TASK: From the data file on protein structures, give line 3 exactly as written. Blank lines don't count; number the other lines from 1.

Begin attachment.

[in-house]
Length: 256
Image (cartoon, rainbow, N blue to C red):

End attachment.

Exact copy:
Image (cartoon, rainbow, N blue to C red):